Nondisclosure Agreements, Confidentiality Agreements, and Trade Secret Law

The Enforceability of Non-Solicitation Agreements and Non-Compete Agreements in California

[About the author: Scott Lesowitz is a Harvard Law School graduate and former Assistant United States Attorney based in Los Angeles, California. His e-mail address is scott@lawbylg.com, and his phone number is 323-452-9909.]

This article addresses two related topics: the validity of agreements under which an employee may not compete with the employer post-employment and the validity of agreements under which an employee may not solicit other employees post-employment.

Solicitation of Customers

Under California law, contracts in which one agrees not to engage in a business, trade, or profession are unenforceable. California Business and Professions Code, § 16600. (The only exceptions involve a sale or dissolution of a business and divorces). Even agreements not to engage in a specific business, trade, or profession in a small geographic area for a limited amount of time are unenforceable. (However, agreements in which an employee promises not to compete with an employer while employed are generally enforceable.) This is different than the common law and vast majority of states where noncompete agreements with employees are enforced if reasonable and narrow.

For example, in KGB, Inc. v. Giannoulas, 104 Cal.App.3d 844 (1980), the defendant had worked as a mascot who wore a chicken suit for the plaintiff. The defendant had entered into an employment agreement with the plaintiff-radio-station that barred the defendant from working as a mascot for a radio station in the San Diego market for five years after the end of his employment. The Court of Appeal held that this provision was unenforceable, and the defendant was free to wear a chicken suit for pay anywhere he wanted. (Unsurprisingly, the court in Giannoulas went to great lengths to emphasize the importance of the case even though it involved a man in a chicken suit.)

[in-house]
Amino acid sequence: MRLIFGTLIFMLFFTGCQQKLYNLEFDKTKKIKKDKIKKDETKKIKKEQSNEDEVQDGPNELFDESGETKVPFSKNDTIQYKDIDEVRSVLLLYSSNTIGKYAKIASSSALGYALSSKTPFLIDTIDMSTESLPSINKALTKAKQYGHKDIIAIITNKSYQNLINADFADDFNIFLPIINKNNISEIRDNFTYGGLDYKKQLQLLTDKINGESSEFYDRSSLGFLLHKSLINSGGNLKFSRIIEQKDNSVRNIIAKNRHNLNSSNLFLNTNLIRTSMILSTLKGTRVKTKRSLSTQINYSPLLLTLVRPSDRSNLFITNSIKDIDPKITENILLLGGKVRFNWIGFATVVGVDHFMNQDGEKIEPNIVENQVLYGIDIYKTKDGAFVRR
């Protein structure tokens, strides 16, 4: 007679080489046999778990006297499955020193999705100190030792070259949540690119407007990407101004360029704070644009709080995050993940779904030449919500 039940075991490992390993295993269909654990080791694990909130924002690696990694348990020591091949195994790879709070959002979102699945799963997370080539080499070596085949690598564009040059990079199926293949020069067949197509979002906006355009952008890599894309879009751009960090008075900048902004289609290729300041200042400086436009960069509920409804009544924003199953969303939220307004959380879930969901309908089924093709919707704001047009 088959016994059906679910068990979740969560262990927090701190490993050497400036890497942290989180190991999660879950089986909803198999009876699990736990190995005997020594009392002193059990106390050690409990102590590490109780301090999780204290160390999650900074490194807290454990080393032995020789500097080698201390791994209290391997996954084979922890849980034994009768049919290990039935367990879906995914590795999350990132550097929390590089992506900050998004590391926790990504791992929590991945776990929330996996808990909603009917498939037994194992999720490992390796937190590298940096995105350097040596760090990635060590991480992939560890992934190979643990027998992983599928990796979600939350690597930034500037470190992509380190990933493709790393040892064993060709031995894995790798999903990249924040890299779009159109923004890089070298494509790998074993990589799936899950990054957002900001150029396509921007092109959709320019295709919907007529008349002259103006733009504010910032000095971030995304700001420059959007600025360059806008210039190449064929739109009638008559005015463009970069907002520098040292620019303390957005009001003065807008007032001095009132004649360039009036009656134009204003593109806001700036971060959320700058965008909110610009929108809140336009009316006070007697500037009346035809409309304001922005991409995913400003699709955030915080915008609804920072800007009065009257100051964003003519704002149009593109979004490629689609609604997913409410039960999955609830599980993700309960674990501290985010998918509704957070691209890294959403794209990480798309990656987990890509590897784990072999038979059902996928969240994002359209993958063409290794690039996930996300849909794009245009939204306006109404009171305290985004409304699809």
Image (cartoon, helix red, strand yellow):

However, if the (now former) employee committed a trade secret misappropriation (a broad term for a trade secret violation which includes theft, use, and disclosure of a trade secret) of a customer list, a court may prohibit the employee from soliciting business from customers on the list. Morlife, Inc. v. Perry, 56 Cal.App.4th 1514 (1997). However, a customer list must be sufficiently valuable and unknown to competitors to constitute a trade secret protected under the law. Aetna Bldg. Maintenance Co. v. West, 39 Cal.2d 198 (in bank, 1952). This should be construed as a narrow exception to the specific customers on the customer list and would be limited to a small subset of the total market.

Furthering the difficulty for employers, California rejects the so-called “inevitable disclosure doctrine.” Whyte v. Schlage Lock Co., 101 Cal.App.4th 1443 (2002). In jurisdictions that allow the “inevitable disclosure doctrine,” a court may prohibit a former employee with knowledge of a trade from working for a competitor or starting a new business solely based on the former employee’s new position being substantially similar to his or her former position. McGowan & Co., Inc. v. Bogan, 93 F.Supp.3d 624, 645 (S.D. Tex. 2015).

Solicitation of Employees